Aegidius is recorded to have died suddenly, in either late 464 or late 465.[15][22] Primary sources of the time say he was either assassinated or poisoned, but the person doing so, or allegedly doing so, is not given. Modern historians consider it possible that he died a natural death. After his death, he was succeeded by his son Syagrius. It is also reported that the news of his death led to an invasion by the Visigoths, which historians have tentatively located as having occurred in the Auvergne area.[23] Syagrius is reported to have moved his seat of government to Soissons, which would later give Aegidius and Syagrius' breakaway government the historiographic name of the Kingdom of Soissons.[24] The Franks defeated Syagrius and captured Soissons in the 480s.[25]

HistoriographyEdit

Aegidius was referred to by numerous titles in primary sources, many of which were contradictory. In the Historia Francorum by Gregory of Tours, he is twice called magister militum (Master of Soldiers), although Gregory describes him as being elected rex (king) of the Franks. Even more confusingly, Gregory does not give him any title while mentioning his death.The Liber Historiae Francorum refers to him initially as rex, but later twice calls him principem Romanorum (the Roman emperor). In the 'A' version of the Liber Historiae Francorum, he is called Romanorum rex (King of the Romans) at the time of his death, while the 'B' version calls him Romanorum tirannus (Roman tyrant), implying that he was a usurper.[26] The Chronicle of Fredegar calls him comes (count). Based on the two references from the Liber Historiae Francorum which refer to him as emperor, and the occasional usage of the title of rex to refer to an emperor, some have asserted that he was in fact an emperor, although this is based upon shaky evidence, and is considered very unlikely by most historians.[27] Modern historians give three possibilities for his actual status: The first possibility is that he declared himself king, and was called such by both his own kingdom, and external barbarians.[28] The second is that he was never called king within his own lifetime, but later folk or epic traditions gave him the title. The third is that he was referred to by a Roman title by his subjects, but called rex by barbarians, as it was analogous to the titles of their own rulers.[29]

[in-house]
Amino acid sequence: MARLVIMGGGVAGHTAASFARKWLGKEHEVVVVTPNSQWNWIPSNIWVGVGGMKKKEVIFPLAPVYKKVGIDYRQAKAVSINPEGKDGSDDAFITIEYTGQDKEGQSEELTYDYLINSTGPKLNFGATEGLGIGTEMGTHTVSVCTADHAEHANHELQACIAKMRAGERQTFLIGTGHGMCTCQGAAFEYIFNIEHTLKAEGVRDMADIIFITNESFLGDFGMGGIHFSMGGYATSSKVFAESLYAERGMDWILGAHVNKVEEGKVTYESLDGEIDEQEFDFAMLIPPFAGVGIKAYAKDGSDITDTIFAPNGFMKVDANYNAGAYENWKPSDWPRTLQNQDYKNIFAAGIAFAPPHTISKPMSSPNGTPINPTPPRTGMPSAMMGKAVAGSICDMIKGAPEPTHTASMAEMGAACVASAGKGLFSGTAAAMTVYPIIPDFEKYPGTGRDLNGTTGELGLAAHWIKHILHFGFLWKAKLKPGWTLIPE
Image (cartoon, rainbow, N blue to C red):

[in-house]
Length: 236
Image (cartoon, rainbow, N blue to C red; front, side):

ReferencesEdit

Primary sourcesEdit

CitationsEdit

  1. ^ MacGeorge 2003, p. 99.
  2. ^ MacGeorge 2003, p. 100.
  3. ^ a b MacGeorge 2003, p. 101.
  4. ^ Bunson 1994, p. 6.
  5. ^ Anderson 1936, p. 110.
  6. ^ MacGeorge 2003, p. 14.
  7. ^ MacGeorge 2003, p. 114.
  8. ^ MacGeorge 2003, pp. 114–115.
  9. ^ Anderson 1936, p. xxv.
  10. ^ a b MacGeorge 2003, p. 111.
  11. ^ MacGeorge 2003, p. 66.
  12. ^ MacGeorge 2003, pp. 111–125.
  13. ^ MacGeorge 2003, p. 134.
  14. ^ Mitchell 2007, p. 208.
  15. ^ a b MacGeorge 2003, p. 65.
  16. ^ a b c d e f g MacGeorge 2003, p. 94.
  17. ^ a b c MacGeorge 2003, p. 115.
  18. ^ Kulikowski 2002, p. 180.
  19. ^ Mitchell 2007, p. 119.
  20. ^ MacGeorge 2003, p. 117.
  21. ^ MacGeorge 2003, p. 118.
  22. ^ MacGeorge 2003, p. 120.
  23. ^ MacGeorge 2003, p. 125.
  24. ^ MacGeorge 2003, p. 126.
  25. ^ Mitchell 2007, p. 211.
  26. ^ MacGeorge 2003, p. 151.
  27. ^ MacGeorge 2003, p. 152.
  28. ^ MacGeorge 2003, pp. 152–153.
  29. ^ MacGeorge 2003, p. 153.
  30. ^ a b c MacGeorge 2003, p. 93.
  31. ^ MacGeorge 2003, p. 105.

BibliographyEdit

  • Anderson, W.B. (1936). Sidonius: Poems and Letters, Vol. I: Poems, Letters, Book I-II. Cambridge: Harvard University Press. ISBN 9780674993273. 
  • Bunson, Matthew (1994). Encyclopedia of the Roman Empire. New York: Facts on File. ISBN 978-0816021352. 
  • MacGeorge, Penny (2003). Late Roman Warlords. Oxford: Oxford University Press. ISBN 978-0199252442. 
  • Mitchell, Stephen (2007). A History of the Later Roman Empire. Oxford: Blackwell Publishing. ISBN 978-1-4051-0856-0. 
  • Kulikowski, M. (2002). "Marcellinus 'of Dalmatia' and the Dissolution of the Fifth-Century Empire". Byzantion. 72 (1). JSTOR 44172752. 
Regnal titles
Preceded by
None
Ruler of the Kingdom of Soissons
461–464/465 AD
Succeeded by
Syagrius
Political offices
Preceded by
Unknown
Magister militum of Gaul
458–464/465 AD
Succeeded by
Syagrius